NEW ROADS REVIVE LIFE IN CAMPS
Roads have been an important staple of human development for thousands of years. According to archeologists, the oldest paved roads date back to about 4000 B.C. Just like everything is affected during the war, roads in Syria have been impacted by the events taking place there for the past 10 years. BINAA for Development intervened with the aim of rehabilitating and maintaining old roads and building new ones where needed.
Zakaria Al-Baderli, one of the supervising engineers in the BINAA maintenance crew, outlined the project’s objectives as follows: “The main purpose of this project is to rehabilitate roads in order to facilitate the movement of people to and from camps.” He also highlighted the scope of the current campaign by explaining that “[the crew] was able to pave an estimated 31 km distributed over 20 roads in the areas of Ma’aret Misrin, Jabal Kili, Kafr Jales, Al-Sheikh Bahr and Kafr Ta’anour, located in Northern rural Idlib.”
Today, one of the maintenance teams of BINAA is building a rain canal next to a main road in rural Idlib. In his description of the project, Zakaria adds: “Our teams are currently working on building rain canals in order to prevent flooding inside the camps and to protect the road’s main structure”, explaining that such initiatives are labeled as “early recovery projects”, and that they contribute to “reviving the area by facilitating the movement of people and cars.”
"Such initiatives are labeled as early recovery projects. They contribute to reviving the area by facilitating the movement of people and cars,” Zakaria Al-Baderli, one of the supervising engineers in the BINAA maintenance crew
In addition, we were able to meet with one of the construction workers in the area, Abdullah, who also emphasized the importance of this project: “The area benefited greatly from this initiative which prevented the camps from flooding.”
Abdullah, a member of the maintenance crew, was sitting on a pile of rocks that will eventually be cracked and used in the construction of the drainage canal. Behind him were large eucalyptus trees casting their shadows over members of the team as they split stones, paved them, and fixed the blocks with cement.
While adjusting the protective yellow helmet on his head, Abdullah gives insight on the situation prior to the rehabilitation process: “Before paving the road, one had to walk around 17 km to buy basic supplies. Today, the distance has decreased to no more than 2 or 3 km.” Furthermore, he calls attention to the opportunities that the new road has provided: “New blacksmith shops and pharmacies have opened. The roads contributed to the revival of the area and the camps. The project is a good one.”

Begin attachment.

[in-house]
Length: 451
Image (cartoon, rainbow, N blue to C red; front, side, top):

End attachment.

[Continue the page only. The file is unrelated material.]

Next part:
Indeed, the project did contribute to the revival of the area. Mohammed, another member of the maintenance and rehabilitation crew also spoke of the positive impact of the project after introducing himself to us: “I am from rural Aleppo. I am 33 years old, displaced, and currently residing in the town of Al-Sheikh Bahr.”
“For me, the project revived the area in general…Previously, there weren’t any roads. One had to walk for at least 10 or 15 km. Now that new roads have been built, the camps have become more alive. Anything you want is now available. The project brought the area to life.”
At 24-year old, Abdullah is still young, yet he carries great responsibilities on his shoulders: “I am the only breadwinner in my family and in my brother’s family who died as a martyr in the war.”
He describes his situation before starting work: “It was very difficult, especially with the deterioration of the local currency against the U.S. Dollar. I had no job and could not secure any of the basic necessities, let alone bread. It was almost impossible to do anything without being in debt.” However, his circumstances fortunately changed due to the cash-for-work initiative implemented by Binaa. Abdullah adds: “Now that I have been accepted into the project, I gained a lot. A worker gets paid daily, secures his income, and saves from it.”
Mohammad’s situation was quite similar as he was also responsible for two families. Despite his previous job in the field of trade, “after displacement, we were left with nothing”, he explains with a sigh.
Originally from rural Aleppo, 33-year-old Mohammad spoke to us for a few minutes during his break. Both the suit he was wearing and his calloused hands mirrored his commitment and the effort he puts into his work. He shared with us the story of how he joined the crew and highlighted the significance of cash-for-work initiatives, while describing them as “important opportunities.” He adds: “I applied for the project, and they accepted me. I consider it a great opportunity for myself and other young people in the camp.”
Binaa’s initiatives now include emergency responses related to repairing main roads that have been affected or damaged due to floods and rain in rural Idlib. The importance of this initiative lies in its timing, which coincides with the winter season, since it contributes to the enhancement of road safety, decreasing by that accidents, traffic jams, and road blocks.
The road maintenance project currently underway is a part in a series of projects to construct, restore, and rehabilitate roads in rural Idlib. Binaa is also working on other initiatives related to restoring unfinished houses, responding to health-related needs, and providing other relief services. What is remarkable is the fact that all of those projects are linked, one way or another, to the cash-for-work programme.
Binaa for Development is a grassroots organisation whose team is mainly composed of members of the local community. This allows the organization to identify local needs and understand difficulties experienced by both the displaced and the locals.